Genetic and environmental factors: Studying the interplay between genetic susceptibility and environmental influences in the development of alcohol use disorder to develop personalized treatment approaches.

Psychosocial interventions: Evaluating the efficacy of innovative psychosocial interventions, such as mindfulness-based therapies, digital health platforms, and telemedicine, in supporting recovery and reducing relapse rates.

Pharmacotherapy: Developing new medications and refining existing pharmacological treatments to address specific symptoms of alcohol use disorder, such as craving, withdrawal, and relapse prevention.

Digital health tools: Harnessing the power of technology to deliver personalized interventions, monitor alcohol consumption, provide real-time support, and facilitate access to care for individuals with AUD.

Addressing Stigma and Promoting Awareness

Despite the prevalence and impact of alcohol use disorder, stigma surrounding the condition persists, often hindering individuals from seeking help and accessing appropriate treatment. Promoting awareness, challenging misconceptions, and fostering empathy are essential steps in reducing stigma and promoting a supportive environment for those affected by AUD. This can be achieved through:

Education and advocacy: Raising awareness about the complexities of an alcohol use disorder, its status as a recognized medical condition, and the importance of seeking help without judgment or shame.

Personal narratives: Sharing personal stories of recovery and resilience to humanize the experience of living with AUD and inspire hope in others facing similar challenges.

Community engagement: Engaging community leaders, healthcare providers, schools, workplaces, and religious institutions in open conversations about alcohol use disorder to promote understanding and encourage supportive responses.

Media representation: Encouraging responsible media portrayals of alcohol use disorder that depict individuals with dignity and respect, avoiding sensationalism or stereotypes.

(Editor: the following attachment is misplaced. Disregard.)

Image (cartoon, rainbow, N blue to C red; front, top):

Long-Term Recovery and Relapse Prevention

Achieving and maintaining long-term recovery from alcohol use disorder often requires ongoing support and a commitment to relapse prevention strategies. While treatment interventions can provide valuable tools and coping mechanisms, the journey to recovery is often characterized by ups and downs. Therefore, it’s essential to focus on:

Continued support: Engaging in peer support groups, individual counseling, or family therapy to address underlying issues, strengthen coping skills, and maintain motivation for sobriety.

Healthy lifestyle choices: Adopting a balanced lifestyle that includes regular exercise, a nutritious diet, adequate sleep, and stress management techniques can promote overall well-being and reduce the risk of relapse.

Identifying triggers: Recognizing and avoiding situations, places, or people that may trigger cravings or temptations to drink is crucial for maintaining sobriety. Developing coping strategies to manage triggers effectively is an essential aspect of relapse prevention.

Building a supportive network: Surrounding oneself with positive influences, supportive friends, and family members who understand and respect one’s commitment to sobriety can provide valuable encouragement and accountability.

Seeking professional help: If faced with challenges or setbacks in recovery, reaching out to a healthcare provider or addiction specialist for guidance, adjustments to treatment, or additional support is vital for staying on track.